New report hopes to spur action on wildlife crossings

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New report hopes to spur action on wildlife crossings

Date: 03/11/2024     Category: News & Media     Author: Lorea Zabaleta     Publication: Bozeman Daily Chronicle    

Original Post ➡️

Roads cuts through the open space of Paradise Valley as seen from an EcoFlight to showcase potential wildlife crossings in June. Isabel Hicks/ Chronicle

Yellowstone Safe Passages, a coalition dedicated to improving the safety of people and wildlife on Montana Highway 89, published a comprehensive assessment of wildlife-vehicle collisions along the stretch between Livingston and Gardiner.

The newly completed assessment also offers a framework of short and longer term solutions for the issue.

Wildlife-vehicle clashes and working to mitigate them has been a topic of frequent discussion recently. Multiple studies have been done in recent years on the topic and Montana receiving over $9 million in federal funds last year to go towards wildlife crossings. That funding went primarily toward the northwest region of the state.

According to the report, Montana as a state ranks second-most in wildlife-collision risks with 10% of all reported crashes involving wildlife. The Livingston-Gardiner area experiences five times that number, with wildlife strikes making up half of all reported crashes.

Daniel Anderson, founder and facilitating director of the Common Ground Project, one of the partners in Yellowstone Safe Passages, said there is a lot of work to be done specifically on U.S. Highway 89 that has yet to be initiated. He said they will be leveraging the new report in the hopes of getting millions in federal funding.

The grant cycle is nationwide and highly competitive, so they will be getting aggressive, said Anderson. The Montana Department of Transportation would likely be the ones submitting any grant applications while Yellowstone Safe Passages provides capacity and support.

Anderson said the assessment was something that needed to be accomplished prior to seeking funding.

The robust and data-driven study used more than a decade of data across agencies and smartphone app observations from citizen scientists.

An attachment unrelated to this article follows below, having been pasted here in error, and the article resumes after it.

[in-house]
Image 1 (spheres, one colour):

Field technician Michelle Zizian collected additional data to verify and confirm the observations made by citizen scientists.

“It’s been a real struggle seeing the sheer number of dead wildlife along the highway, especially the rare species or newborn animals just trying to figure out their place in the world. Those I’ll never forget. Hopefully the data we’ve collected will lead to fewer accidents and better long-term solutions for wildlife in the valley,” Zizian said.

A unique part of this report is its inclusion of short-term measures. Anderson said all options of what can be done now need to be considered on top of longer-term projects like wildlife crossings which typically have a five-to-ten-year timeline.

Even though the longer-lasting and longer to build projects work best big picture, Anderson said there are short-term options available that have yet to be tried.

“Sometimes it’s not worth waiting for five years when we might be able to try something now,” he said.

These options include variable and temporary message signs to warn drivers and can be adapted to seasonal wildlife changes. The report showed that permanent signs warning of wildlife are less effective than temporary fixtures.

Engaging more effectively across the community to provide upfront information is another short-term approach, he said.

“We’ve taken the better part of four years to engage the community here and bring people into it so it’s not considered this foreign object coming into the community. You’ve got to build trust,” he said.

Yellowstone Safe Passages plans to share findings from the report during community information sessions in the coming weeks.

“With unprecedented funding opportunities for wildlife crossings at the federal level, we hope this assessment will provide a strong foundation for decision-makers and community members to successfully pursue projects that improve safety for both people and wildlife,” said Liz Fairbank co-leader of the assessment and Road Ecologist at the Center for Large Landscape Conservation.